You don’t have to look far to find sexist vintage ads. In the middle of the 20th century, these advertisements were considered completely normal and even amusing. Nowadays, they’re not just dated but appalling for the misogynistic treatment of women they display. (Of course, these types of gendered stereotypes in advertising still exist today, though in less potent forms.) To help expose its toxicity, photographer Eli Rezkallah is reimagining some of the worst old sexist ads by swapping gender roles.
Rezkallah calls his series In A Parallel Universe, and it’s a redo of the advertising of yesteryear—with men taking on the tasks commonly reserved for women. In his retelling, the women are the ones who have careers and demand dinner be on the table when they come home each day; the men, however, are so inept that they can hardly open a ketchup bottle.
The photographer had the idea for In a Parallel Universe after Thanksgiving with his relatives. “I overheard my uncles talk about how women are better off cooking, taking care of the kitchen, and fulfilling ‘their womanly duties.’” he explained. “Although I know that not all men like my uncles think that way I was surprised to learn that some still do, so I went on to imagine a parallel universe, where roles are inverted and men are given a taste of their own sexist poison.”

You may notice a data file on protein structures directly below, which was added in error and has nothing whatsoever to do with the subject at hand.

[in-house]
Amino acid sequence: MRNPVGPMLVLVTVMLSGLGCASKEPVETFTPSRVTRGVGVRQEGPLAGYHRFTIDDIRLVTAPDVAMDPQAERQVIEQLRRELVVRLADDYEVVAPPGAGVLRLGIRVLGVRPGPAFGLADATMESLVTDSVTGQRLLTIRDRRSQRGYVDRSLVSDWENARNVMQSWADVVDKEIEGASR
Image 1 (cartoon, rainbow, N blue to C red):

Rezkallah’s images are a satisfying rebuttal to the advertising of long ago, but it’s not a solution to their harmful point of view. Instead, he intends for this series to help illuminate the problematic aspects of the print ads. “I hope that people who are stuck in stereotypical gender roles imposed by patriarchal societies will be able to visually see the cracks in the limitation that those roles carry through this project.”
In his series In a Parallel Universe, photographer Eli Rezkallah reimagines gender stereotypes in advertising.
The sexist vintage ads are given a twist by swapping the roles of men and women.
“I hope,” he explained, “that people who are stuck in stereotypical gender roles imposed by patriarchal societies will be able to visually see the cracks in the limitation that those roles carry through this project.”
Eli Rezkallah: Website | Instagram | Facebook
h/t: [Design TAXI]
All images via Eli Rezkallah.
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